EDC charts new course for marketing Rowan
By Mark Wineka
Rowan County’s economic development efforts have a new logo ó a tagline, if you will.
Robert Van Geons, executive director of the Salisbury-Rowan Economic Development Commission, explained Wednesday that “Rowan” is inclusive, recognizing that the EDC serves all of the county and its municipalities.
Meanwhile, “Works” is an action-oriented, positive word, he said, and it leverages all of the good marketing the Rowan Jobs Initiative already has done with its “Available for Work” campaign.
“I don’t think we’re going to lose anyone with this message,” Van Geons said. “… It’s all about the total package, it really is.”
Rowan County Commissioner Raymond Coltrain said he liked the all-county, team approach conveyed by RowanWorks.
Actually the logo unveiled to the EDC board Wednesday incorporates other important words or phrases:
– Economic development ó “It’s what we do,” Van Geons said.
– Salisbury, NC ó reflective of the county’s largest city and county seat and “where to find us on a map,” Van Geons said.
– For your business ó a phrase that compliments “Available for Work.”
Van Geons says the new logo represents an end to “disconnected identities” that maybe confused site selection consultants, companies, real estate brokers and citizens trying to find economic development information for the county.
RJI, which has been a focused, five-year marketing effort for the county, turned over its Web site and all the marketing images for the EDC’s use.
“They recognized the need to pull everything together,” Van Geons said.
Van Geons said it will allow the EDC to leverage the investment in marketing and research already done by RJI and plow new ground for the future.
The EDC and Rowan Jobs Initiative decided there should be one Web site for economic development information in Rowan County and that will be www.RowanWorks.com.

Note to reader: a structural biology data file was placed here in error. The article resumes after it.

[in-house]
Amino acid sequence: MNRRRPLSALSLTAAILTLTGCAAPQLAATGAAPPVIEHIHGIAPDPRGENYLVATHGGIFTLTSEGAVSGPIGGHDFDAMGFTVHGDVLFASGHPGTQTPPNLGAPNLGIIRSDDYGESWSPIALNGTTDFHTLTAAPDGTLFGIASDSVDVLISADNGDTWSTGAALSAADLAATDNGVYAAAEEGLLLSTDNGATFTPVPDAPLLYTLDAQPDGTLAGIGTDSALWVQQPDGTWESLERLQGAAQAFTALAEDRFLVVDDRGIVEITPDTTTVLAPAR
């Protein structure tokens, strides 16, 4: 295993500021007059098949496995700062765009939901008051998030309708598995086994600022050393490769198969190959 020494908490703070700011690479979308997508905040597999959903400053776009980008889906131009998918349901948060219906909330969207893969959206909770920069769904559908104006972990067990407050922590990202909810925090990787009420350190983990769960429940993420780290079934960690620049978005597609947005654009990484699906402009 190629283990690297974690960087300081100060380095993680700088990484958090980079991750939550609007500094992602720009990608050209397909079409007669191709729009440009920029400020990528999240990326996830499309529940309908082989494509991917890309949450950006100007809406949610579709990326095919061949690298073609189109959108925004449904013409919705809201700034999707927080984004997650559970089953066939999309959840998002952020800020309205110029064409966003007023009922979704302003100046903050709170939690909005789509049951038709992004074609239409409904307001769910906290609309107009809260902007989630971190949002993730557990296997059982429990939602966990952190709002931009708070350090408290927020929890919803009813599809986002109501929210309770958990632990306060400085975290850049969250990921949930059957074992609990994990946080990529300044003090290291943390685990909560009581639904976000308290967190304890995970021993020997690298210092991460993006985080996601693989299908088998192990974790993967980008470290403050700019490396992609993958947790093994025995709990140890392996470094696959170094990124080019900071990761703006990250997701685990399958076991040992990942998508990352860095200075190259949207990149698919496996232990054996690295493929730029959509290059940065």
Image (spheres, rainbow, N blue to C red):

It essentially sends you to the Salisbury-Rowan Economic Development Commission, which is where the Rowan Jobs Initiative Web site directed visitors anyway.
A new sign at the county-owned Summit Corporate Center “is the only thing out there” which now incorporates the new RowanWorks logo, Van Geons said.
The new industrial park sign details the sites, what’s available, what’s developed and vital statistics on the various parcels.
Van Geons also took time Wednesday to outline a program of work for the new fiscal year, which started this month.
In recruitment of new industry, Van Geons said the EDC will increase its interaction and travel with the N.C. Department of Commerce; expand partnerships with Cabarrus County in connection to the N.C. Research Campus in Kannapolis; expand connections at the federal level; and maximize the county’s investment with the Charlotte Regional Partnership.
Targeted industrial sectors for the EDC will include food processing, motorsports, advanced manufacturing, security and defense and logistics.
For existing industries, the EDC will try to sell the success stories, provide marketing materials, visit corporate headquarters of the companies here and “find ways to provide real benefit,” Van Geons said.
The EDC also will work on ways for board members to continue networking.
Van Geons said he hopes to develop a stand-alone path on the EDC Web site for the Rowan County Airport, as part of creating a separate marketing piece.
The EDC will be installing a touch-screen device at the airport in coming weeks which will tell business visitors about the airport and the county.
Board members Randy Welch and James Taylor said the EDC Web site is more robust and has moved light years ahead of where it had been.
The board reviewed some of its successes in attracting new investment and creating or keeping jobs here over the past year. The EDC played a role in some $440 million in investment spread among six projects.
Next week, it will be asking for county incentives toward a possible $15.9 million investment at the Freightliner plant in Cleveland.
Despite some of the good news in a bad economy, Van Geons said, “none of us feel like we’ve done enough,” given the jobless numbers and people “desperately trying to support their families.”
The EDC probably improved its effectiveness in the past year, but still didn’t do enough, Van Geons said.
New EDC Chairwoman Dianne Greene of Century 21 Towne & Country directed Wednesday’s meeting and presented gifts to Jeanie Moore, who chaired over the past year.
Moore’s six-year term on the board is coming to a close at the end of this year.
She said she will remain a champion for the EDC and economic development efforts in Rowan County. Moore praised her colleagues for becoming “very engaged and dedicated’ over the past year.
Being on the EDC board “probably has been the best part of my community service,” Moore said. She added that she learned a great deal through the years from fellow board members such as Bruce Jones, the late Jack Owens, Coltrain and Bill Wagoner, among others.